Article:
The whole machine learning field has a huge amount to offer chemistry, medicinal chemistry, and biomedical science in general. I don’t think that anyone seriously disputes that part – the arguing starts when you ask when this promise might be realized. In the abstract, the idea of tireless, relentless analysis of the huge piles of data that we generate is very appealing. These things long since passed the ability of humans themselves to wring out all the results unaided, or even with the sort of computational aids that we’re already used to. There are just too many correlations to check, too many ideas to try out, and too many hypotheses to validate.
I am not a specialist in the field. I mean, I know people who are, and I know more about it than many people who aren’t doing it for a living, but I am in no way qualified to sit down and read (say) four different papers on machine-learning approaches to chemical problems and tell you which one is best. The problem is, I’m not so sure anyone else can do that very easily, either. This is even more obvious to researchers in this area than it is to the rest of us. You might hope that additional expertise would allow people to make such calls, but as things are now, it just allows them to see just how tangled things really are.
It would be nice (although perhaps quite difficult) to put together some standard test cases for evaluating performance in (say) machine-learning drug discovery programs. You could imagine a pile of several thousand compounds with associated assay data, from some area where we’ve already worked out a lot of conclusions. You’d turn the software loose and see how much of that hard-won knowledge could be recapitulated – ah ha, Program Number Three caught on to how those are actually two different SAR series, good for it, but it missed the hERG liabilities that Program Number Six flagged successfully, and only Program Number Three was able to extrapolate into that productive direction that we deliberately held back from the data set. . .and so on. Drug repurposing (here’s a recent effort in that line) could be a good fit for a standard comparator set like this as well.
Thus calls like this one, to try to put the whole machine learning/artificial intelligence area onto a more sound (and comparable) footing. This is far from the first effort of this type, but it seems to me that these things have been getting louder, larger, and more insistent. Good. We really have to have some common ground in order for this field to progress, instead of a mass of papers with semi-impenetrable techniques, benchmarked (if at all) in ways that make it hard to compare efficiency and outcomes. Some of this behavior – much of it – is being driven by pressure to publish, so you’d think that journal editors themselves will have to be part of the solution.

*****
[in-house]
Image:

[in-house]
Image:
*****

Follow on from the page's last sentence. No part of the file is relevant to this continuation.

But maybe not. This is an area with a strong preprint tradition, and not long ago there was a controversy about (yet another) journal from the Nature Publishing Group, Nature Machine Intelligence. Over two thousand researchers in the field signed up to boycott the journal because it would be subscription-only, which the signers feared would erode that no-paywall system that’s currently in place. In that case, though, the pressure for higher-quality publications will have to come from others in the field somehow, with a willingness to provide full details and useful benchmark tests helping to drive reputations (rather than just numbers of papers and/or their superficial impressiveness). Machine learning is far from the only field that could benefit from this approach, of course, and the fact that we can still speak in those terms makes a person wonder how effective voluntary calls for increased quality will be. But I certainly hope that they work.
Meanwhile, just recently, there’s been a real blot on the whole biomedical machine-learning field. I’ve written some snarky things about IBM’s Watson efforts in this area, and you know what? It looks as if the snark was fully deserved, and then some. STAT reports that the company’s efforts to use Watson technology for cancer-care recommendations was actually worse than useless. The system made a good number of wrong (and even unsafe) calls, which decreased physician confidence in it rapidly (as well it should). Worse, this was going on at the same time that IBM was promoting the wonders of the whole effort, stating that doctors loved it, didn’t want to be without it once they’d been exposed to its glories, and so on. It’s a shameful episode, if STAT has its facts right, and so far I have no reason to think that they don’t.
So there are the two ends of the scale: efforts to make machine-learning papers more comprehensive and transparent, and a company’s apparent efforts to obfuscate its own machine-learning shortcomings in order to boost its commercial prospects. You don’t need to turn a bunch of software loose on the philosophical ethics literature to come to a conclusion about the latter. In this case, anyway, mere human instincts tell you all you need to know.